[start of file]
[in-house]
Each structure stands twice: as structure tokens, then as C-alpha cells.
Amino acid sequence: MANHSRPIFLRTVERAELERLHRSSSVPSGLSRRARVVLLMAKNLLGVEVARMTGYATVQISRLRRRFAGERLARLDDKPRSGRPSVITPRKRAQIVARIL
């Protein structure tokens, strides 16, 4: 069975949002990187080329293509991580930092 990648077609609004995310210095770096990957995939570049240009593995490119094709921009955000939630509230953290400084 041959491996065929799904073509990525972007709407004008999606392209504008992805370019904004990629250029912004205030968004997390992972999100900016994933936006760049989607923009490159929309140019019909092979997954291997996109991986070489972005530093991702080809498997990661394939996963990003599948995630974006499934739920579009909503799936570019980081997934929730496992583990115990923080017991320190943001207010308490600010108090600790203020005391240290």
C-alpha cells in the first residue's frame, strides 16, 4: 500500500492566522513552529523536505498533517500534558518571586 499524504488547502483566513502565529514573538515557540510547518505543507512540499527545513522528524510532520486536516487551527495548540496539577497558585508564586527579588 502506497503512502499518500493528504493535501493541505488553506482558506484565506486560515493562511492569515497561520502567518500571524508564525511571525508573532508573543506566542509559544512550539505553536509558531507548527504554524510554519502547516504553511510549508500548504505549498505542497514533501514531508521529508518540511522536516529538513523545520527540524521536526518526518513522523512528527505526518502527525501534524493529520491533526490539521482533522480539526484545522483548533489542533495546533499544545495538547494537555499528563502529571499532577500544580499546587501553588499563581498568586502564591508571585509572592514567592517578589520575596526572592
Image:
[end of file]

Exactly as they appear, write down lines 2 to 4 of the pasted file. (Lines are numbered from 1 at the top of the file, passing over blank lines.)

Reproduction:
Each structure stands twice: as structure tokens, then as C-alpha cells.
Amino acid sequence: MANHSRPIFLRTVERAELERLHRSSSVPSGLSRRARVVLLMAKNLLGVEVARMTGYATVQISRLRRRFAGERLARLDDKPRSGRPSVITPRKRAQIVARIL
């Protein structure tokens, strides 16, 4: 069975949002990187080329293509991580930092 990648077609609004995310210095770096990957995939570049240009593995490119094709921009955000939630509230953290400084 041959491996065929799904073509990525972007709407004008999606392209504008992805370019904004990629250029912004205030968004997390992972999100900016994933936006760049989607923009490159929309140019019909092979997954291997996109991986070489972005530093991702080809498997990661394939996963990003599948995630974006499934739920579009909503799936570019980081997934929730496992583990115990923080017991320190943001207010308490600010108090600790203020005391240290």